The Heroic Journey, Part 19: The Point of No Return

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 This post is the latest in the series by guest poster, David Sims, writer and former WriteAtHome writing coach.

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Turning Point #3: At 50 Percent, the Point of No Return.

Just before the Midpoint, it appears the Hero’s going to pull it off, achieve the goal. But at the midpoint of the novel, and the midpoint of Act II, something happens that results in an apparently devastating reversal of the Hero’s fortune.

Here the Hero passes The Point of No Return. He’s in too far to pull back or abandon the quest;  he has to see it through. He’s fully committed. His bridges are burned. There’s no returning to the life he lived at the beginning of the novel. He might try, but he’ll find he can’t go home again.

In The Firm, at this point an FBI agent is outlining McDeere’s options, which are to cooperate with the feds and risk his life or get thrown in jail, and he says to McDeere “I’m telling you your life as you know it is over.” It’s a low point for the Hero; he seems far from achieving the goal.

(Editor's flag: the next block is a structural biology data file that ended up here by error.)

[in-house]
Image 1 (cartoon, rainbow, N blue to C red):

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Stage 3 Tips

During this stage, writers should think about…

  • Keeping the paying customers entertained as the Hero makes progress, which means keeping enough conflict and tension to maintain interest and stir emotion in the reader.
  • Showing the Hero starting to open up, tire of Identity and embrace Essence.
  • Giving the reader a clear picture of the Hero’s plan to achieve his goal.
  • Tossing in a Plot Pinch around the 35 percent point or so.
  • Having the Hero almost achieving the goal before his stunning reversal.

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About the Author

Brian Wasko

Brian Wasko

Brian is the founder and president of WriteAtHome.com. One of his passions is to teach young people how to write better.

View all posts by Brian Wasko

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